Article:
New Year’s Resolutions
On 7th January, a group of activists gathered outside the UAE embassy in London to hold a vigil in protest against the flagrant and systematic abuse committed by the Emirati government, in a bid to draw more attention to the array of violations and generate greater internal and external pressure for widespread change.
Since the Arab Spring swept through the MENA region in 2011, the Gulf State has undertaken a widespread and systematic crackdown on civil society through repressive Cybercrime and Anti-Terrorism laws that have seen the imprisonment of a myriad of lawyers, journalists and academics who criticized the regime online. Most notably, the case of the UAE 94, in which the world renowned human rights activist and lawyer, Mohammed Al-Roken, was arrested and sentenced to 10 years for peacefully expressing his political opinions.
The array of human rights violations extends beyond the oppression of civil liberties. Migrant and domestic workers continue to face unsafe and abusive working and living conditions, whilst military technology is being diverted to Saudi/UAE led forces in Yemen, in breach of international law.
Hence, our New Year's resolutions addressed to the UAE authorities call for achievable change regarding an extensive list of human rights abuses currently common practice in the Gulf state. As we say goodbye to 2019, we hope that the start of a new year will be the catalyst for change in the UAE.
New Year’s Resolutions:
- Abolish the practice of enforced disappearance and arbitrary detention against those who express their right to free speech, assembly and association.
- Release political prisoners who have been imprisoned purely on speech charges, unconditionally and with immediate effect.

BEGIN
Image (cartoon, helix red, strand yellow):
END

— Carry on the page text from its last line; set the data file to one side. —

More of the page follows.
- Allow every citizen to express their right to freedom of speech, including the right to peacefully voice opinions on all social and political matters, following article 30 of the UAE’s constitution.
- Allow independent media outlets to operate freely, without censorship or reprisal.
- Implement the right to freedom of association and assembly, without any governmental restrictions, to allow for human rights organisations, workers unions and political parties to be established and to operate freely.
- Include gender as a category of discrimination by revising the 2015 Anti-discrimination Law, to bring it in line with international standards.
- Reword the 2012 Cyber Crime Law to ensure that free speech online is permitted without reprisals.
- Improve prison conditions by abiding the UN Standard Minimum Rules for the Treatment of Prisoners through the implementation of health and safety requirements, including access to healthcare, appropriate bedding and facilities, temperature controls, ventilation, natural light, potable drinking water and food that is safe to eat.
- Allow international Independent monitors access to all detention facilities to observe and report on and the conditions.
- Ban the practice of torture and ill-treatment of prisoners; including both physical and psychological abuse, prolonged solitary confinement, sleep deprivation, exposure to extreme temperatures and humiliating searches.
- Abolish the practice of indefinite detention and release all prisoners currently held beyond their release date.
- Update Counter-Terrorism Laws in accordance with international standards, to ensure that political prisoners are no longer held in the pretence of terrorism.
- Revise the 2017 amendment on Labour Laws to include all migrant workers, including domestic workers, who have previously been denied this privilege.
- Ensure that existing Labour Laws are more stringently implemented and enforced to stop the exploitation of migrant workers.
- Stop the diversion of military technology to Saudi/UAE led forces in Yemen.
- Cease the commission of war crimes, including the indiscriminate attacks on civilian facilities and the practice of torture, as part of the conflict in Yemen.